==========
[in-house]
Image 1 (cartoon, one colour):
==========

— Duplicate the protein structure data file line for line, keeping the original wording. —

[in-house]
Image 1 (cartoon, one colour):